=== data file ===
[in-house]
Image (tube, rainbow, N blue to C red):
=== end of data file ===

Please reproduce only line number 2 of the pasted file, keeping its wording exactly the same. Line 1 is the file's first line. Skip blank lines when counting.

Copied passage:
Image (tube, rainbow, N blue to C red):